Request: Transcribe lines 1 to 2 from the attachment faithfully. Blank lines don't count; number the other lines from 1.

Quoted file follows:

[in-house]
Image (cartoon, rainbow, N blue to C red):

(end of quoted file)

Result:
[in-house]
Image (cartoon, rainbow, N blue to C red):